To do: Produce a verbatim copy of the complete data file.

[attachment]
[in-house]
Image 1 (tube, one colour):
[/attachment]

[in-house]
Image 1 (tube, one colour):